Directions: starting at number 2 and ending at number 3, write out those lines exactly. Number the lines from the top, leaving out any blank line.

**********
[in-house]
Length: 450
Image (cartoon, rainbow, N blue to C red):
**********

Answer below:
Length: 450
Image (cartoon, rainbow, N blue to C red):